Hmm. That sounds utterly wrongheaded. Life isn’t mathematics. In science, you can judge a proposition on the grounds that it is right or wrong. But in life, there are no external standards by which to judge (see also my comments re. Ethics). The best we can go on is something like “As far as we can agree, this seems to make sense for most of us.”

This applies to both outcomes and rules. I believe that you Mathematicians have the concept of ‘Goodness’ – which seems to be relatred to elegance, simplicity and completeness. We simply can’t judge a system of rules by similar means – there’s no objective way of deciding on ‘fairness’. The fairest/best/most ethical rules are those which, as far as we can judge, deliver outcomes which we are by and large happy to live with.

So…back to reparations. Let’s say, for sake of argument, that it is ‘fair’ that African-Americans are compensated for slavery. But some wealthier African-Americans (admittedly proportionately few) simply don’t need forty acres and a mule. – not compared to (again, proportionally fewer) poorer white Americans. So which outcome is fairer? Blanket redistribution on grounds of need? Or selective donation on grounds of colour?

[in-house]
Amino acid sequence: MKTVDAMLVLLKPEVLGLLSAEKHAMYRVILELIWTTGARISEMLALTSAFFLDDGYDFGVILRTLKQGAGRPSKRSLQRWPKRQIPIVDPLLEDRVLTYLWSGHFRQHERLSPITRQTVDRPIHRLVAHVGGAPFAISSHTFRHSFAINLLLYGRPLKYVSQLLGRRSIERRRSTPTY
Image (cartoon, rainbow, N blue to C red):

Comment by Edward the Bonobo

I’m not sure what we’re disagreeing about here. Exactly what is fundamentally wrong headed? I’m not arguing that there are objective standards of fairness or what have you. I do think that we can study social and economic dynamics mathematically and use this knowledge to design systems of economics and governments whose outcomes we consensually prefer.

Back to reparations – your criticism here doesn’t apply to what I was suggesting. Quoting the article above:

Many of the champions of reparations advocate a very different strategy to simple cash payment. For example, the Human Rights Watch report on reparations suggests setting up “… national and international panels to examine racist practices.” As well as determining the cost of reparations, “They should aim to reveal the extent to which a government’s past racist practices contribute to contemporary economic and social deprivation, educate the public about this continuing effect, acknowledge responsibility for it, and propose methods for rectifying these effects and making amends.” Payments would still be made, but they “… would presumably be used for investment in education, housing, health care, or job training, rather than consumer goods or other ephemeral benefits.”